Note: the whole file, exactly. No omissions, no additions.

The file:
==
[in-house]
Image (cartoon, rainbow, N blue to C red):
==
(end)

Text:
[in-house]
Image (cartoon, rainbow, N blue to C red):